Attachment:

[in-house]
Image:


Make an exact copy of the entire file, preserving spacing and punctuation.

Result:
[in-house]
Image: